On his Dec. 12 radio show, conservative host Sean Hannity
was full of holiday bad tidings for Hillary Clinton’s presidential effort.
“The polls are now just awful for the Hillary campaign,” he
declared. “There’s a lot of infighting now being reported. Not only is she
losing in Iowa, now the polls
show she is losing in New Hampshire.”
The former First Lady didn’t fare much better on the Dec. 10
edition of MSNBC’s Hardball when host Chris Matthews announced his weekly
“power rankings.” (That’s a concept lifted from the sports world where teams
are constantly evaluated and rated according to their most recent
“Who had the absolute worst week last week?” asked Matthews.
“Hillary Clinton. She spent her time sniping at Obama….she came off less
inspired and simply annoyed this past week that someone else was exciting the
With more manifest glee, conservative radio talker Rush
Limbaugh reached for a Wizard of Oz wicked witch analogy in discussing the Clinton
campaign’s purported troubles. People have been emailing all morning “asking me
‘do you believe it’s the end for Hillary?’” Limbaugh remarked on Dec. 14.
“Until I see the house fall on her…and the legs curl up [and] the body in the
casket, she is not dead, she is not finished.”
With the apparent tightening Democratic contest between
Clinton and Barack Obama, the 2008 Presidential campaign overwhelmed the talk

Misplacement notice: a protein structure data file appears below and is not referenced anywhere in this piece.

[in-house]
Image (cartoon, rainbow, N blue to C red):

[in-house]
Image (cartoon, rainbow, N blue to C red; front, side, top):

universe last week. The subject accounted for half of all the airtime (50%) in
the cable and radio shows studied in PEJ’s Talk Show Index from Dec. 9-14. That
made it the single biggest week for the campaign on the 12 talk shows in the
index, topping the previous high water mark of 47% from Nov. 11-16. (Last week
also marked the biggest week for campaign coverage (26%) in the general News
Coverage Index, which measures coverage in 48 different news outlets.)
The second-biggest talk topic last week was U.S.
domestic terrorism. It was fueled by the controversy over the destroyed
terrorist interrogation tapes, but it lagged far behind the campaign in airtime
(at 12%). Next was the steroids scandal
blown wide open by the release of the report issued by former Senator George
Mitchell last week, which accounted for 6% of airtime. The fourth-biggest story
was immigration policy, at 5%. And various stories about the Christmas season
made up the fifth-biggest story, at 3%.
PEJ’s Talk Show Index, released each week, is designed to provide news
consumers, journalists and researchers with hard data about what stories and